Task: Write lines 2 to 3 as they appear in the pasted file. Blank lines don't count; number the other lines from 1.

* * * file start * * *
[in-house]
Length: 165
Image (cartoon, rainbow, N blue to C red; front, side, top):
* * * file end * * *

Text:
Length: 165
Image (cartoon, rainbow, N blue to C red; front, side, top):